As a show of bravery, I decided to publish my poem here on my blog.  Now you have to return the favor and be brave – breast cancer is not your mother’s or grandmother’s disease.  Get annual exams.  Know your body.  Ask questions.  Be vigilant. That’s the brave thing to do.

When They Find A Lump In Your Breast

When they find a lump in your breast,
You urgently call your mom, but then recant.  It’s not a big deal, right?

When they find a lump in your breast,
You wonder why you’re waiting so long to have a baby.

When they find a lump in your breast,
You list all the benign things it could be,
But the one unthinkable alternative lingers.

When they find a lump in your breast,
You have to come home and tell your husband, and let out a brave whimper of a cry.

When they find a lump in your breast,
You vividly remember images of young, widowed fathers in Race for the Cure pictures.

When they find a lump in your breast,
You take a day off work for the test but don’t tell anyone why.

When they find a lump in your breast,
You think about the tingling feeling of your husband’s soft touch,
And shudder at the thought of it being taken away.

When they find a lump in your breast,
You remember your aunt talking about the 20 year olds at the breast cancer center.

When they find a lump in your breast,
You want to be shrouded in prayer, but also feel strange and private.

When they find a lump in your breast,
You reach out to a few trusted people for support, but then learn you’re being gossiped about.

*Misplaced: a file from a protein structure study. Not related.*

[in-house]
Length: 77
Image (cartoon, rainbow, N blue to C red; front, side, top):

Or ignored.

When they find a lump in your breast,
You tell your husband not to come with you because it’s no big deal.
And then change your mind.

When they find a lump in your breast,
You make sure to wear lipstick to the tests because nothing can take away your femininity.
You skip the mascara though.

When they find a lump in your breast,
You wish you learned how to do a self examination.

When they find a lump in your breast,
You feel a twinge of guilt after you curse your long and unruly hair.

When they find a lump in your breast,
You fluctuate between feeling stupid for worrying about the small chance and anxious because of the small chance.
Eventually you stick to feeling numb.

When they find a lump in your breast,
You stay awake most of the night before the test, too full of thoughts and fears.

When they find a lump in your breast,
You learn things your grandmother never told anyone.
They found a lump in her breast, too.

When they find a lump in your breast,
You drive to the hospital speaking no words, but you’re holding hands tight.

When they find a lump in your breast,
Well, it hurts, because they poke and prod and squeeze and push.

When they find a lump in your breast,
You sit in a room and wait.

They found a lump in my breast,
But in the end, it was nothing.

They found a lump in my breast,
And when I learned it was nothing, I sobbed, my heart full of what could have been.

They found a lump in my breast,
And I apologized to God for not standing next to my friends who I didn’t call when they found a lump in their breast.

They found a lump in my breast,
And I cried for the women who had sat in that room and received a different answer.

They found a lump in her breast,
and now the battle would begin.